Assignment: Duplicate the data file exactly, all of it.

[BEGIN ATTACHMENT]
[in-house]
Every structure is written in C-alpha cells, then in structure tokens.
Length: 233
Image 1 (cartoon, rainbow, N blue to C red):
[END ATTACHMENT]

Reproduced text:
[in-house]
Every structure is written in C-alpha cells, then in structure tokens.
Length: 233
Image 1 (cartoon, rainbow, N blue to C red):